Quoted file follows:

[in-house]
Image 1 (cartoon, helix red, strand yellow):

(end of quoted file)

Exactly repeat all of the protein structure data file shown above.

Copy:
[in-house]
Image 1 (cartoon, helix red, strand yellow):